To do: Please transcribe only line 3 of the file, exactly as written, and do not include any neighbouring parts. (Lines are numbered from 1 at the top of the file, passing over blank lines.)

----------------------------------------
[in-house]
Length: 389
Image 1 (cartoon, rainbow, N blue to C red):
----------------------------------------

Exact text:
Image 1 (cartoon, rainbow, N blue to C red):